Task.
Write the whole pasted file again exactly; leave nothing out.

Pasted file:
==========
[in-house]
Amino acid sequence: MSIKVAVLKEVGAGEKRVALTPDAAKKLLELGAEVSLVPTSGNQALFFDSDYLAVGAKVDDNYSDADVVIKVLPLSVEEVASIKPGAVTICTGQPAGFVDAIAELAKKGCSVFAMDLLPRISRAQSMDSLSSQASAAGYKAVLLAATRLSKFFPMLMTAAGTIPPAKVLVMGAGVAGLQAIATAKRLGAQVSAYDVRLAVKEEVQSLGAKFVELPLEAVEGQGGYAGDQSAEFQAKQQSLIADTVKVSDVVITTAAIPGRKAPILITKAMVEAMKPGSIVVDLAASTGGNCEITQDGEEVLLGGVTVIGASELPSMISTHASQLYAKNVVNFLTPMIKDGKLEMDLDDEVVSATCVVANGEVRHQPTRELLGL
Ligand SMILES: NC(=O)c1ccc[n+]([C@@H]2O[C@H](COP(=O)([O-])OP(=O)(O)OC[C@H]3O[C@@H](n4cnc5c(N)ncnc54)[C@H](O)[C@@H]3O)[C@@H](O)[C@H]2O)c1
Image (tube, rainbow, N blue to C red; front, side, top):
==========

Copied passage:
[in-house]
Amino acid sequence: MSIKVAVLKEVGAGEKRVALTPDAAKKLLELGAEVSLVPTSGNQALFFDSDYLAVGAKVDDNYSDADVVIKVLPLSVEEVASIKPGAVTICTGQPAGFVDAIAELAKKGCSVFAMDLLPRISRAQSMDSLSSQASAAGYKAVLLAATRLSKFFPMLMTAAGTIPPAKVLVMGAGVAGLQAIATAKRLGAQVSAYDVRLAVKEEVQSLGAKFVELPLEAVEGQGGYAGDQSAEFQAKQQSLIADTVKVSDVVITTAAIPGRKAPILITKAMVEAMKPGSIVVDLAASTGGNCEITQDGEEVLLGGVTVIGASELPSMISTHASQLYAKNVVNFLTPMIKDGKLEMDLDDEVVSATCVVANGEVRHQPTRELLGL
Ligand SMILES: NC(=O)c1ccc[n+]([C@@H]2O[C@H](COP(=O)([O-])OP(=O)(O)OC[C@H]3O[C@@H](n4cnc5c(N)ncnc54)[C@H](O)[C@@H]3O)[C@@H](O)[C@H]2O)c1
Image (tube, rainbow, N blue to C red; front, side, top):